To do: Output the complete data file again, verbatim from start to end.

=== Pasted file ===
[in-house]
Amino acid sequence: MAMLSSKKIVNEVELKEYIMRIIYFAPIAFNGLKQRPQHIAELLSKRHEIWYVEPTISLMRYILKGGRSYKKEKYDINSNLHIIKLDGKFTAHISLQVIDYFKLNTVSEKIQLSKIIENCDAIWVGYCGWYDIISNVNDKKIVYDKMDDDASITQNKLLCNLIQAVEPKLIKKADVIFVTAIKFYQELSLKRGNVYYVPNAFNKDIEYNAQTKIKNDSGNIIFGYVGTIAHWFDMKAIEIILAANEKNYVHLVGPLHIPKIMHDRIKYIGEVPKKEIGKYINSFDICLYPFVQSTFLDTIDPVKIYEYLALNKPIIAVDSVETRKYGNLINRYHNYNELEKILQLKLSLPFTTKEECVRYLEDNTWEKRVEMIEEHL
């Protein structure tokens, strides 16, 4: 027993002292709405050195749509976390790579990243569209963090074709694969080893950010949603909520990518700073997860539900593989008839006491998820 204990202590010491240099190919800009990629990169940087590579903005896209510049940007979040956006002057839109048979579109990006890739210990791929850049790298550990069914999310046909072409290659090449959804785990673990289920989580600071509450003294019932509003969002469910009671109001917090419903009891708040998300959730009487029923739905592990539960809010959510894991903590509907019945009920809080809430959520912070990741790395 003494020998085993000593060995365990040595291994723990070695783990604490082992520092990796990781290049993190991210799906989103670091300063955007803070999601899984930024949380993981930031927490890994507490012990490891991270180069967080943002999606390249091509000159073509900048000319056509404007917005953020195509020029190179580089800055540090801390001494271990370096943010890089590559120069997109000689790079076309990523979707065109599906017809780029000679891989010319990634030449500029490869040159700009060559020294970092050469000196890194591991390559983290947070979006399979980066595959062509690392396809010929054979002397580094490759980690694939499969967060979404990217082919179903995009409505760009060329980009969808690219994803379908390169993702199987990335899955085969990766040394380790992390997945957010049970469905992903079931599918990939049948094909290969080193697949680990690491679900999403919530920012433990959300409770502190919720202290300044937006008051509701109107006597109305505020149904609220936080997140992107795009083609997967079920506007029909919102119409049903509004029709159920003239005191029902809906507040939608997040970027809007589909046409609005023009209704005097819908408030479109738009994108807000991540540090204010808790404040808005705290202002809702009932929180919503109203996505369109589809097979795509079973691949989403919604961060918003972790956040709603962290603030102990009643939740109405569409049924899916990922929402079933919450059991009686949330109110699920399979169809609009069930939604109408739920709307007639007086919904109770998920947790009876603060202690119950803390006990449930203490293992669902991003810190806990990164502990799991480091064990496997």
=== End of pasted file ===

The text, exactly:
[in-house]
Amino acid sequence: MAMLSSKKIVNEVELKEYIMRIIYFAPIAFNGLKQRPQHIAELLSKRHEIWYVEPTISLMRYILKGGRSYKKEKYDINSNLHIIKLDGKFTAHISLQVIDYFKLNTVSEKIQLSKIIENCDAIWVGYCGWYDIISNVNDKKIVYDKMDDDASITQNKLLCNLIQAVEPKLIKKADVIFVTAIKFYQELSLKRGNVYYVPNAFNKDIEYNAQTKIKNDSGNIIFGYVGTIAHWFDMKAIEIILAANEKNYVHLVGPLHIPKIMHDRIKYIGEVPKKEIGKYINSFDICLYPFVQSTFLDTIDPVKIYEYLALNKPIIAVDSVETRKYGNLINRYHNYNELEKILQLKLSLPFTTKEECVRYLEDNTWEKRVEMIEEHL
């Protein structure tokens, strides 16, 4: 027993002292709405050195749509976390790579990243569209963090074709694969080893950010949603909520990518700073997860539900593989008839006491998820 204990202590010491240099190919800009990629990169940087590579903005896209510049940007979040956006002057839109048979579109990006890739210990791929850049790298550990069914999310046909072409290659090449959804785990673990289920989580600071509450003294019932509003969002469910009671109001917090419903009891708040998300959730009487029923739905592990539960809010959510894991903590509907019945009920809080809430959520912070990741790395 003494020998085993000593060995365990040595291994723990070695783990604490082992520092990796990781290049993190991210799906989103670091300063955007803070999601899984930024949380993981930031927490890994507490012990490891991270180069967080943002999606390249091509000159073509900048000319056509404007917005953020195509020029190179580089800055540090801390001494271990370096943010890089590559120069997109000689790079076309990523979707065109599906017809780029000679891989010319990634030449500029490869040159700009060559020294970092050469000196890194591991390559983290947070979006399979980066595959062509690392396809010929054979002397580094490759980690694939499969967060979404990217082919179903995009409505760009060329980009969808690219994803379908390169993702199987990335899955085969990766040394380790992390997945957010049970469905992903079931599918990939049948094909290969080193697949680990690491679900999403919530920012433990959300409770502190919720202290300044937006008051509701109107006597109305505020149904609220936080997140992107795009083609997967079920506007029909919102119409049903509004029709159920003239005191029902809906507040939608997040970027809007589909046409609005023009209704005097819908408030479109738009994108807000991540540090204010808790404040808005705290202002809702009932929180919503109203996505369109589809097979795509079973691949989403919604961060918003972790956040709603962290603030102990009643939740109405569409049924899916990922929402079933919450059991009686949330109110699920399979169809609009069930939604109408739920709307007639007086919904109770998920947790009876603060202690119950803390006990449930203490293992669902991003810190806990990164502990799991480091064990496997």